Apologies harmonize and unify. They can mend relationships and seed the regrowth of trust. To apologize is to accept fault and to inch towards compromise.
When extended at the right moment, an apology can show humility, character and leadership. But this backfires if one apologizes too frequently. In fact, it becomes hard to take someone seriously, especially on the professional front, if she repeatedly accepts responsibility for wrong-doing.
Many women recognize that they tend to apologize nervously and needlessly. We apologize to servers who bring us the wrong orders, to bus drivers who miss our stops, to men who invade our space.
We also say we’re sorry at work-a lot. We apologize when an issue comes up that wasn’t our fault but is our responsibility. We say “I’m sorry” when we mean “excuse me.” We apologize when we confront a problem that, we worry, calls our performance into question.
Unnecessary apologies project a lack of confidence, so let’s edit them out of our professional lexicon. The first step to quitting any bad habit is to admit when it’s become problematic.
If you recognize that you’re apologizing too often, take a step back and think about why you might be doing so.
1. Ruminating or intense thinking
Scientific American examines the issue: “Researchers analyzed the number of self-reported offenses and apologies made by 66 subjects over a 12-day period. And yes, they confirmed women consistently apologized more times than men did. But they also found that women report more offenses than men. So the issue is not female over-apology. Instead, there may be a gender difference in what is considered offensive in the first place.”
[Related: 6 Steps To Find Your Voice In The Workplace]
This gender difference in defining what constitutes offense and dealing with that infraction by apologizing are both problematic, especially in the workplace. What does this mean? Why would women do this? Are they stirring up trouble? Are men not paying enough attention, or could there be another factor causing women to identify and then apologize for issues that men don’t even recognize?
In their book The Confidence Code, authors Katty Kay and Claire Shipman write, “Another unhelpful habit most of us have is overthinking. Women spend far too much time undermining themselves with tortured cycles of useless self-recrimination. It is the opposite of taking action, the cornerstone of confidence. There is a formal word for it: ruminating.”
So perhaps what starts as rumination—deep thought into the social mechanics of a professional situation—leads to doubt and worry. The apology comes as a way to solve this concern and to mend the perceived wrong, but perhaps we don’t have to delve this deep. According to this study, our male counterparts don’t.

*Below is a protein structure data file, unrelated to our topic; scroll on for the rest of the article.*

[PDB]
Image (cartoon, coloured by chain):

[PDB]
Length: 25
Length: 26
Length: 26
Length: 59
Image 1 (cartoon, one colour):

2. Internalized sexism
When a girl grows up hearing that she is less capable of achievement in certain subjects or that she is more emotionally chaotic and therefore less reliable than a boy, these messages take root. These environmental urgings become a part of her self-education and self-esteem construction. They impact how she sees herself, her ability and her future role.
Then when she assumes her place in the professional world, she may have more internal baggage to manage than her male counterpart. His confidence may be more accessible than hers. He may be more likely to feel like he belongs in his roles. She may be more likely to feel like she’s auditioning, even after she gets the job. This can make her feel concerned about her performance and, therefore, likely to apologize for perceived shortcomings.
[Related: Inspiring Advice from Women CEOs]
Former Secretary of State Condoleezza Rice explains: “As women, we must never be surprised that surface equality isn’t actual equality. Society still very much plays into gender bias and role definition. When a woman walks into a room, people see a female. For some, this indicates what she is capable of achieving. This, however, should not deter you. If you spend all of your time thinking about how you are viewed, you will lose your ability to be effective. Walk in, embrace your job and do what you’re supposed to do.”
3. People pleasing
Most people want others to like them. But this is harder for successful women. Sheryl Sandberg writes: “When a woman is successful, people of both genders like her less.”
Perhaps the litany of apologies women frequently utter are a means by which to temper this; to avoid sounding too bossy, rude or heavy-handed. Sandberg continues, “In order to protect ourselves from being disliked, we question our abilities and downplay our achievements, especially in the presence of others. We put ourselves down before others can.”
[Related: 10 Ways for Women to Lean In]
Apologies work the same way. By saying “I’m sorry,” perhaps we are saying “please like me.”
In order to be successful, we have to develop an authoritative inner voice, which informs our outer voice. This can’t happen if we’re repeatedly looking outside ourselves for “likes,” approval or permission to do our best work.